Types of Debt Securities

If you are interested in investing but are
wary of stocks or are simply looking to diversify the asset classes in
your portfolio, debt securities may be worth considering. To use a simplified example,
a debt security is essentially an I.O.U. As an investor, you
lend money to an issuer for these securities and the issuer, in turn,
agrees to repay the debt at a later date, often along with any accrued interest. There
are several types of debt securities to be aware of. Let’s explore
them, beginning with the U.S Government securities. These securities are backed by the full faith
and credit of the United States Government. Savings bonds and U.S.
treasury issues, such as treasury bills, notes, bonds and treasury inflation-protected securities
or TIPS, are included in this category. Government agency
issues are debt securities issued by U.S government agencies and
corporations. Some better known agencies include the Federal National Mortgage Association,
also known as FANNIE MAE; the Federal Home Loan Mortgage Corporation,
or FREDDIE MAC; the Federal Agricultural Mortgage Corporation, or
FARMER MAC; and the Government National Mortgage Association or GINNIE MAE, which is the only
agency fully backed by the U.S government. Municipal bonds are securities issued by cities,
states, and school districts, and other such entities to fund
public projects. Some of these bonds may be tax advantaged, such as being free from federal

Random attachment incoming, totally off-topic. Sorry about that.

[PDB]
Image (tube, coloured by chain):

income tax. There are two types of municipal issues. General obligation
bonds, often issued for public utilities, are backed by the taxing
authority of the issuer. Revenue bonds are typically backed by fees associated with the
use of the funded project, like a public airport. Finally, corporate bonds are issued by corporations
to build capital and are backed by the credit of the issuer.
As a result, a corporation’s ability to repay their investors is strongly tied to
its success. As with all securities, it’s important to
understand the risks of bond investing such as ‘call risk’- or the chance
your bond will be bought back by the issuer prior to the maturity date – and ‘default
risk’ – or the potential that the issuer goes bankrupt and you lose your
investment. Evaluating your current and future liquidity needs,
investment horizon, and risk tolerance will help you determine which investments are right
for you. To learn more about this and other investment topics, subscribe
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